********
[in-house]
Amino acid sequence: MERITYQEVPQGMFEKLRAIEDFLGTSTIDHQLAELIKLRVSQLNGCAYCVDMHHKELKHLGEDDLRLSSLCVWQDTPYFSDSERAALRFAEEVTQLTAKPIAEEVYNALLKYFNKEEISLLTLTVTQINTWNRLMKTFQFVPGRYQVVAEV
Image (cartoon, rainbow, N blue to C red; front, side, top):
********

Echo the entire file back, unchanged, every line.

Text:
[in-house]
Amino acid sequence: MERITYQEVPQGMFEKLRAIEDFLGTSTIDHQLAELIKLRVSQLNGCAYCVDMHHKELKHLGEDDLRLSSLCVWQDTPYFSDSERAALRFAEEVTQLTAKPIAEEVYNALLKYFNKEEISLLTLTVTQINTWNRLMKTFQFVPGRYQVVAEV
Image (cartoon, rainbow, N blue to C red; front, side, top):